“I do not know who Hinton James is,” Janey Krehnbrink, a first-year student majoring in pharmacy, said. “I guess I know he was an important figure at UNC at some point if a building is named after him, but in terms of what he did for the University, I’m not entirely sure.”
About one month after the opening of the University in 1795, James arrived to campus on Feb. 12 and became the first student to enroll. He came from a prosperous family in what is now known as Pender County, University Archivist Nicholas Graham said.
Graham said not much is known about James' time at UNC, but there is one letter he wrote in 1838 that provides some insight. In the letter, James talked about professors and other students — and made one comment concerning a dress code, which Graham said didn't exist.
By James’ report, he was the only student on campus for at least a couple of weeks.
Legend has it he traveled to UNC on foot all the way from his home in Wilmington, N.C., though Graham said this has not yet been confirmed.
“He does not, in the letter, talk about how he got to campus, and so I still think there’s no definitive evidence that he walked,” Graham said. “I think that’s a legend that started in the 20th century. However he got here, it would’ve been a difficult journey and impressive.”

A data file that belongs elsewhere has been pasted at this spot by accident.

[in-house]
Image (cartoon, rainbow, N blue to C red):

Graham said he thinks it is important that UNC celebrates a day in James’ honor because his arrival to campus marked the beginning of the University.
Alumni have been honoring James for quite some time now. According to the Carolina Alumni Review digital archive, about 40 alumni gathered for dinner in London in March 1945 to dedicate Feb. 12 as Hinton James Day.
McCain Kerr, a senior majoring in history, was the second student to dress up as Hinton James for the day this year.
He was in the Pit from 11 a.m. to 1 p.m. and helped host Trivia in the Pit with Carolina's Firsts.
“As times have changed, the best way to embrace the University in all of her beauty is to adapt to all Carolina firsts,” he said in character. “So, on Hinton James Day, we celebrate the first African American student, first female student, all Chapel Hill firsts that have been positive for the University.”